Kibera is not only known for being a congested slum, like many other informal settlements in Nairobi, it has become a death trap for many people, some of whom have died in unexplained fire disasters.
In the Laini Saba area of Kibera, a fire that broke out in the night claimed the lives of seven members of one family in December last year.
On Wednesday morning, a fire burnt down a section of Kibera and claimed the lives of a woman and three of her children.
Others who sustained serious burns were admitted to the Kenyatta National Hospital. In the past, causes of such fires in slums include illegal electrical connections, burst paraffin stoves or overturned tin lamps. The biggest problem, however, has been the response of the fire fighters to such emergencies.
Besides the poor response, slum areas are so densely populated and because of unplanned settlement, lack roads that can provide access in times of such emergencies.
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Those charged with city planning ought to ensure there are adequate roads and water points that could come in handy when such fire outbreaks occur.
In 2013, Nairobi Governor Evans Kidero launched 12 motorcycle fire engines in Kibera because the bigger fire engines could not manoeuvre their way to scenes of fire outbreak.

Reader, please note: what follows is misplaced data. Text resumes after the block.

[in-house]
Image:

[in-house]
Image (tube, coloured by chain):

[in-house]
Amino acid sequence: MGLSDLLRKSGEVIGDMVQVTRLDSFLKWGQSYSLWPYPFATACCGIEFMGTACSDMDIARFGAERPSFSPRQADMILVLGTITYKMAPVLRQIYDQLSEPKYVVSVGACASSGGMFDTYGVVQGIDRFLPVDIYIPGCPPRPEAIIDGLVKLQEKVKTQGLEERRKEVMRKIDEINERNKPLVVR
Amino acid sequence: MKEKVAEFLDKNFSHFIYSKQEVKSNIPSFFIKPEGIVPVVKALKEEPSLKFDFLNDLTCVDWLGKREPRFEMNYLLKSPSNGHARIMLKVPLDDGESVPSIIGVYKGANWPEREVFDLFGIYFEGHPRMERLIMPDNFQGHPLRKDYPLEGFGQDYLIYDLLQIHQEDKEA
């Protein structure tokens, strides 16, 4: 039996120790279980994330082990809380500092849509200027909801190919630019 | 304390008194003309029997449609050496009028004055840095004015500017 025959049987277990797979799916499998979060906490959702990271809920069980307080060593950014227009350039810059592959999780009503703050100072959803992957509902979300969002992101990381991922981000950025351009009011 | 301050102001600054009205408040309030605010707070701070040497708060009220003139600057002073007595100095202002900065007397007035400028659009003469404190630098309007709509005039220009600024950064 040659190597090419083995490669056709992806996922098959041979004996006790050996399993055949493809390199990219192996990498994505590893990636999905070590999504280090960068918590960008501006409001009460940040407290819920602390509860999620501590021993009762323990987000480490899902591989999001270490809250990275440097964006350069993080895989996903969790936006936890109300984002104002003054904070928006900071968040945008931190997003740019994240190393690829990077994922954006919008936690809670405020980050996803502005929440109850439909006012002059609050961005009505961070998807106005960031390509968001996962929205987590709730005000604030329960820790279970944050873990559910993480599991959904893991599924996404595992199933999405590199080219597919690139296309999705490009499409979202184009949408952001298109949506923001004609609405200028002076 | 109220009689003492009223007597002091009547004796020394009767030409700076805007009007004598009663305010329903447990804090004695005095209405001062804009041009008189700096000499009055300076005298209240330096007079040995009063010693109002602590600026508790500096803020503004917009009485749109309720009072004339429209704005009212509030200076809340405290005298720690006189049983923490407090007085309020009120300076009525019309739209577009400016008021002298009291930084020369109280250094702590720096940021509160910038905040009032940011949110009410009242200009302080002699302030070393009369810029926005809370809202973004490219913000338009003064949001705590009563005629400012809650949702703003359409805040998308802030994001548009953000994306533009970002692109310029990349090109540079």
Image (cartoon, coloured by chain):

Doubts expressed by the fire brigade association on the efficacy of the motorcycle fire engines have been vindicated because they did not come in handy at all.
There are possibilities that the motor fire engines are no longer functional or that the officers lack basic fire response skills. Most areas of Nairobi are susceptible to fire outbreaks and the need for disaster preparedness cannot be overemphasised.
Nairobi County fire-fighters are often caught napping whenever fires are reported. It is feared that Nairobi county only has about 100 fire fighters, a number hardly enough to serve the needs of a population of more than four million people.
This disparity should be addressed to enhance efficiency. Last year, the Nairobi County set aside Sh100 million for fire engines.
That is the first step to ensuring that response to fire disasters is fast and effective.